“These days, the property particulars are so much better than they used to be. We’ve got plans, Google Maps, geology reports, historical maps, there’s a lot you can find out about the property before you inspect it. But you don’t want to be doing too much before you’ve quoted, because you won’t necessarily get the job. So most of our research is asking – is it listed, how big is it, how long do we think it’s going to take, and is it going to be one, two or three of us? Then we’ll prepare a quote, based on the value of the property where relevant. Once we’ve got the job, then we will do more research, we’ll look at the flat maps, and the geology and the historical maps. We use polls for cameras on site, we employed a drone company a couple of times, but you can’t really predict how long it’s gonna take you, there’s always gonna be a few things that you haven’t expected.”

How to Grow and Scale an Independent Practice

We also wanted to know how it was for Robert to grow his company, and what’s his experience like with trainees.

“When you’re working for yourself, unless you make a specific decision that you only want to be a one man band, taking that first step and hiring someone is probably the biggest in the entire history of the business. When you’ve done it once, it becomes easier to take on more people as you grow. Suddenly, I had more time to go out and get more business, I got busier again, and ended up taking somebody else. Since then the challenge has not been attracting business, because if you know how to go about it and the steps you should take, it’s actually very easy.  The problem for me is finding the right people with experience in doing the type of work we do, because it’s quite difficult finding somebody who’s used to looking at all the properties and has the competence to report without scaring the buyer off.”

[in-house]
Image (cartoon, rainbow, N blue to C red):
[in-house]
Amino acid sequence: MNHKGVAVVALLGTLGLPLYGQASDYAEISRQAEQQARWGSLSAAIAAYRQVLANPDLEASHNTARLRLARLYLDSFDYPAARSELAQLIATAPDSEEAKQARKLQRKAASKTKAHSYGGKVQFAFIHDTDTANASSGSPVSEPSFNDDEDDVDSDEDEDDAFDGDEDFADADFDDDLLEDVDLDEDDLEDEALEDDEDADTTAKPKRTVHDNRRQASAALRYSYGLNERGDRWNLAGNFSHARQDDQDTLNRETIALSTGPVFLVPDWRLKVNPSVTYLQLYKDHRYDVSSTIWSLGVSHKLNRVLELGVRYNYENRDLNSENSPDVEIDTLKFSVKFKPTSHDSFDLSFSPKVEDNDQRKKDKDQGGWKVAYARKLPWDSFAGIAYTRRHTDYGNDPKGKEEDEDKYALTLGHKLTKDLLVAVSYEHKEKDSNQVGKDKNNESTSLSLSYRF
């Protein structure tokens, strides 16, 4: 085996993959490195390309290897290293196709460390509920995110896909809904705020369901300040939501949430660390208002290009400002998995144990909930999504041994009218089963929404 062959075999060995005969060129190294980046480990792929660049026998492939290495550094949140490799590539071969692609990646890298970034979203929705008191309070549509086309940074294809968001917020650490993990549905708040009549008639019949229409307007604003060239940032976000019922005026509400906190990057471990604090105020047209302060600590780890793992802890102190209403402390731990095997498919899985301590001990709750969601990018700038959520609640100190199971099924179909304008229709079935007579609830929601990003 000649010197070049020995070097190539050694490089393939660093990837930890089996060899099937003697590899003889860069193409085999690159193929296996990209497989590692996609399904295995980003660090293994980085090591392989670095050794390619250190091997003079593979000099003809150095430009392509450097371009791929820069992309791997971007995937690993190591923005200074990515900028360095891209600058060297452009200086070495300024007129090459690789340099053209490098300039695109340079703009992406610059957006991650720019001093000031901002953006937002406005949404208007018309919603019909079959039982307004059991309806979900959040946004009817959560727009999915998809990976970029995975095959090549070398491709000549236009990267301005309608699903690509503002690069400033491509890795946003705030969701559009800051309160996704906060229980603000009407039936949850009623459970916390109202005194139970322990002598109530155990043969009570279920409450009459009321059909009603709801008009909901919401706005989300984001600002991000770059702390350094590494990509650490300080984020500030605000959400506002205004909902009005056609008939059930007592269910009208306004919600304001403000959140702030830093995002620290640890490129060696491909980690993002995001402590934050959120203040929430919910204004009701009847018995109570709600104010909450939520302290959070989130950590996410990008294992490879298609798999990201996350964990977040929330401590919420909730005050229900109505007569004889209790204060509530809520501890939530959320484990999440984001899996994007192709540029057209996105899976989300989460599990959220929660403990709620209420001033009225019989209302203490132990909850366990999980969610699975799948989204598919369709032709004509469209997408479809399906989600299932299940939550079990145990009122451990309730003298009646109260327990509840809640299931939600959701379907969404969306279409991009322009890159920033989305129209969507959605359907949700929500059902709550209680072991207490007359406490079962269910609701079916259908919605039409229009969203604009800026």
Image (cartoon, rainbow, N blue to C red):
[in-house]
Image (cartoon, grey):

Robert admits he wasn’t lucky with taking trainees on, but offers some good advice for surveyors who are interested in period and listed properties.

“We were hoping to train somebody, who could help us with heritage reports and the research. One difficulty is that we’re all home based, and with trainees it’s quite important to have a lot of face to face time, not just to look at the property. The other difficulty is that nearly everything we look at is so complex, that the trainee finds it terribly difficult to understand what they’re looking at, when they’re still learning the basics of the building surveying.”

“If they really want to learn about construction,” Robert continues, “and get involved in residential pre purchase survey, the best thing they could do is go to a medium sized company that does a bit of survey work, but does a lot of residential project work on large buildings, or maybe refurbishment of listed buildings. A trainee working for a company like that will learn so much because they’ll see the fabric opened up, and they’ll also be able to contribute because they can do periodic inspections instead of a surveyor, as well as some of the admin that’s involved in project management. I think that is a really good foundation for a surveyor who wants to go into this aspect of the business,” he concludes.